Serf Theater

707 Douglas Avenue,
Las Vegas, NM 87701

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Serf Theater, Las Vegas NM  1995

Viewing: Photo | Street View

Built in 1937, the Serf Theater appears to have cclosed in the early-2000’s. A movie search for the Serf Theater returns “Closed until further notice”.

Contributed by Lost Memory

Recent comments (view all 12 comments)

strange137 on December 15, 2006 at 6:56 am

According to its owner, Eddie Maloof, the Serf Theater was built in 1937 from an empty lot. It was built by Eddie’s father and its name is actually an acronym for his four children: Sarah, Eddie, Richard, and Frida (S.E.R.F.). The theater has not run film for the public since the spring of 2005. The marquee lists a showing of “In Her Shoes” but it didn’t run.

The projection booth was converted from a changeover setup to a plattered projector about 20 years ago (though it’s hard to know for sure exactly when). One projector was dismantled to make room for the SPECO platters and both carbon-arc lamphouses were removed. The remaining Simplex XL projector head now runs with an Imperial Xenon lamphouse.

The seat counts near 800 are probably too high, but I would guess there are just under 700 seats. I have photos of the seats if you’d like to count them for yourselves.

The Serf remains closed until further notice.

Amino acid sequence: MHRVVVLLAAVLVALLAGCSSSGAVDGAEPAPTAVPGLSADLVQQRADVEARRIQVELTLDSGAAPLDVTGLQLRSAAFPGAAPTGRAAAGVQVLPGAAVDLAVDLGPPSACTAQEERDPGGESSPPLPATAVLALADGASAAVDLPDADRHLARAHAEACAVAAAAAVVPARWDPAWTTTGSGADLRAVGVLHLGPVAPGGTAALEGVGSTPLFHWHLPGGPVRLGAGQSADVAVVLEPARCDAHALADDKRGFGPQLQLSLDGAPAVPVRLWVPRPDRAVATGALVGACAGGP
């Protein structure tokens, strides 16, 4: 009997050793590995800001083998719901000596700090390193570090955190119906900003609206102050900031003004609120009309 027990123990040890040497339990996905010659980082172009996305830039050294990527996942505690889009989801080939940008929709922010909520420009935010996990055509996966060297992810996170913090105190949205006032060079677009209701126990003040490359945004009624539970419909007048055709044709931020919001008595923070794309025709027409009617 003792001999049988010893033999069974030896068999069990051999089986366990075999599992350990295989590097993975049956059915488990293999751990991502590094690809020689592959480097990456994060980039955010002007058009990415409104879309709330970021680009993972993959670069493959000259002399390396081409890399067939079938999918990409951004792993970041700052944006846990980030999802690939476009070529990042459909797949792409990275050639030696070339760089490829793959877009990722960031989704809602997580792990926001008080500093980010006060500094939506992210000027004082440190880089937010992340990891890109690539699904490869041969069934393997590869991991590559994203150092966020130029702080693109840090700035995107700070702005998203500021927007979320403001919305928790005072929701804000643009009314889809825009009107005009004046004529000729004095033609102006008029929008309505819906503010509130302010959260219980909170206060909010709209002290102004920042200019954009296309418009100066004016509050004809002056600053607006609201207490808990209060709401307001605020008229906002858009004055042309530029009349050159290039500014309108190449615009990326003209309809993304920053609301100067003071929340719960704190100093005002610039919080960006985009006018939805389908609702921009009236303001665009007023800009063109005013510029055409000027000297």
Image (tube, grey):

DonLewis on December 5, 2007 at 6:56 am

“NO COUNTRY FOR OLD MEN” was set in West Texas but filmed in New Mexico.

I noticed the SERF THEATER in a couple of scenes.

DonLewis on May 3, 2008 at 9:51 pm

A 1988 view of the Serf Theater in Las Vegas.

kpdennis on April 25, 2009 at 10:12 am

The Serf (I always wondered how it got that name)as it appeared in 1995:
View link

Joe Vogel
Joe Vogel on May 4, 2009 at 9:32 pm

The October 9, 1937, issue of Boxoffice Magazine said that the Graham Brothers Theatre Supply Company of Denver had shipped various items to the new Serf Theatre in Las Vegas, New Mexico. These included 500 seats, 340 yards of carpeting, two blowers and motors, two curtains with tracks and controls, a sound screen, and complete booth equipment.

The Maloof Bros. were apparently the owners of the building, but the house was operated by Fox Intermountain Theatres when it opened, according to the October 23, 1937, issue of Boxoffice.

In its April 15, 1950, issue, Boxoffice said that the Maloof Bros. had closed the Serf Theatre for repairs when it was discoverd that the back wall was sagging. Fox Intermountain must have taken this opportunity to expand the theater, as the November 4, 1950, issue of Boxoffice said that the company had reopened the Serf with 726 seats.

The remodeled lobby featured a wagon wheel chandelier with six brass lanterns, and the walls were decorated with murals depicting the Santa Fe Trail. The auditorium was painted in shades of aqua and turquoise, and the screen had a turquoise velvet curtain.

Joe Vogel
Joe Vogel on May 4, 2009 at 10:05 pm

Checking the 1937 Boxoffice article again, I think it says that 800 chairs were shipped to the Serf Theatre. The scan is very blurry, but the Google cache in plain text says 800. The 1950 reseating thus probably reduced the total capacity to 726, rather than increasing it.

kencmcintyre on May 9, 2009 at 8:18 pm

Here is a May 1953 ad from the Las Vegas Daily Optic:

Silicon Sam
Silicon Sam on June 7, 2009 at 6:06 pm

At least 72 films were filmed in Las Vegas, NM to date. I just spotted the theater in Red Dawn.

S_Maloof on February 17, 2012 at 11:49 am

The Theatre name was the intials of my Great Uncles children – Sara, Eddie, Richard, and Fannie. There was also a SERF hotel nearby that was torn down in the 80’s…

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